The adrenal glands are a pair of small endocrine glands located above the kidneys. They respond to signals from the nervous system and secrete hormones — including cortisol, metanephrines, and aldosterone — that regulate stress, help maintain metabolism, and distinguish male and female physical and sexual characteristics.
Most growths on the adrenal glands are not cancerous but may produce hormones that can have an effect on the patient’s blood pressure or response to stress. Benign, functional tumors are very treatable. Tumors that are malignant (cancer) are rare. These tumors usually grow from a cancer that has metastasized (spread) from a tumor that began in a different organ.
While adrenal tumors can occur in anyone, people with certain genetic conditions are at a higher risk for developing tumors.
Types of tumors we treat
- Pheochromocytoma, a type of neuroendocrine tumor (made up of both nerve and hormone producing cells), is a rare and usually benign tumor that develops in cells in the center of an adrenal gland. This type of tumor is genetic and runs in families.
- Adrenocortical carcinoma, a rare disease in which cancer forms in the cortex (outer layer) of an adrenal gland
- Cushing’s syndrome, excessive cortisol hormone production caused by an adrenal tumor
- Conn’s syndrome, excessive aldosterone production caused by an adrenal tumor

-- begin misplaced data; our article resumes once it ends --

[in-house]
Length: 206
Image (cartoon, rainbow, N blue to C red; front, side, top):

- Incidentalomas, enlarged adrenal glands that have a risk of being adrenal cancer
How are adrenal tumors diagnosed?
Surgeons use several methods to diagnose the tumor.
Biopsy: Rarely used. A small amount of tissue from the adrenal gland is removed usually with a fine needle to examine it for any evidence of cancer. We reserve this for either patients who have advanced adrenal tumors that appear to be cancer and cannot be removed surgically to make the diagnosis of cancer, or for patients who have cancers in other parts of their body that appear to have spread to the adrenal gland
Blood and urine tests: These tests can show levels of hormones that may signal the presence of a functional adrenal tumor
Imaging: A CT scan or MRI scan can show whether a tumor exists and determine the location and its size
Metaiodobenzylguanidine scan (MIBG): This is a special test that can show adrenal tumors that other imaging tests cannot. It is administered over 2 days. On the first day, a patient gets an injection of a radioisotope that attaches to tumor cells. This is followed by a scan with a special camera. The next day, the scan is repeated
Adrenal vein sampling: This test can allow us to figure out which of the adrenal glands is overproducing hormone, either in patients with tumors of both glands or with hyperplasia (overgrowth) of the glands that do not clearly have a tumor
How are adrenal tumors treated?
Treatment is based on where the tumor is located, its size, whether it is functional, and whether or not it is likely to be malignant. For most patients, surgery is the best treatment option. It can be used alone or, in some cases of adrenal cancer, in conjunction with radiation or chemotherapy.
When additional therapies are needed, our endocrine surgical team works collaboratively with other specialists at MedStar Health to develop a comprehensive treatment plan.
Some patients will be treated with open surgery. This is traditionally used for larger adrenal tumors or tumors that are attached to other nearby organs. It requires larger incisions, usually made through the abdomen.
Our surgeons are particularly skilled at a less-invasive surgical procedure that is an option for an increasing number of patients — a laparoscopic adrenalectomy. In this procedure, adrenal tumors are removed through small incisions measuring 1-2 cm along the abdominal wall. This speeds recovery, minimizes scarring, and lowers the risk of injury to abdominal organs.